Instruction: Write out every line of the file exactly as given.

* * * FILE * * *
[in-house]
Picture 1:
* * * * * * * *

[in-house]
Picture 1: